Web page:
Jamaica laughed loudly, his guffaws rumbling around him, adding a chorus to the car thumps above his head. “If squirrels coulda give d’evil eye, you’da killed me dere.” He leaned back against the cement, pulling the bag forward to use as a makeshift pillow. Folding his arms above his head, the little squirrel clambered onto his chest. He sighed, staring at a spot of graffiti on the bridge ceiling above him. “Wonder how dose dumb kids got up dat high to paint up dere,” he mumbled.
The squirrel stretched out a leg, all taut and tight, and then relaxed and went limp, tucking its head into its tail, its body a neat little circle.
“It’s gonna be Thanksgivin’ soon.” Jamaica frowned. The grafitti read “Girls.” He put a hand over his eyes to block it out. “Wonder if my lil’ girl, Letitia, woulda be stark shocked t’see me show up for Thanksgivin’.” He tucked his chin to peek at the sleeping squirrel. “Think she’d be too ‘shamed to see us, huh, Crunkle? Think she’d forgive her old dad now dat I be clean?”
A pipe from a motorcycle above popped, and Jamaica jumped. “It’s a hard world for us vets.” Heroin had been an easy out. He could block out the memories. All that blood. Men doing things he had never imagined, let alone wanted to experience. All those faces, gone and dead. And then he had come back home, missing a leg, his wife and strangers to him and his pain.
He had come to America at the tender age of ten, and becoming a US citizen was the highly of his life. When World War II broke out, he had been excited to do his duty to this great country. But no had prepared him for what life was like coming home.
Marge had wanted nothing to do with him when he wasn’t the man she had married any more, and he couldn’t stand the judgment on his oldest daughter Lucy’s face when she had chosen to turn her back on him and take her mama’s side. That last day he had seen her, his vision blurred from his last fix, she had linked her arm through her mother’s, standing on the edge of the bed of the moving truck. Her face was as steel as granite, even at the tender age of fourteen.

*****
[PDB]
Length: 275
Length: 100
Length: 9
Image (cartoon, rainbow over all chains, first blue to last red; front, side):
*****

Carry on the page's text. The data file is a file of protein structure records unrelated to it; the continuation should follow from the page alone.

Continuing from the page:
But little Letitia had turned around. When Marge took her hand to lead her to the car, his second ten-year-old daughter had given him one last hopeful glance, those eyes open and still trusting. There was love still in her heart, he had been sure of it.
It had been a decade and a half since then, and supposedly Letitia was married and back in New York, a brand newlywed. Her husband was a newspaper man or something like that. The last time Jamaica had visited his elderly father at the nursing home, before the nurses had shooed him out, their noses pinched, their hands shaking with anxiety, he had seen the letter from her. After all these years. Letitia had written to him, hoping her grandfather would pass her words on. She wanted to reconnect. She wanted to know her dad, to give him a chance. She wrote about Jesus.
He had carried the wrinkled letter in the bottom of his bag for a while now – her address written clearly on the outside of it. But he hadn’t need to – the address was seared into his memory.
Sure he had been clean for a year now, but time had passed him by. He had no money and ability to do anything but beg. Shelters were for those harder up than him. Old Jamaica Barnes – he could tough it out, adopt baby squirrels, turn highway noises into songs in his mind, and keep up his cheer.
Until he thought about his baby girl reaching out. Dangnabbit, she was brave.
He pulled out the envelope for the thousandth time and stared at it.
“I’ll go,” he said, and suddenly he knew that’s what he had always and ever wanted.
Thanksgiving was coming.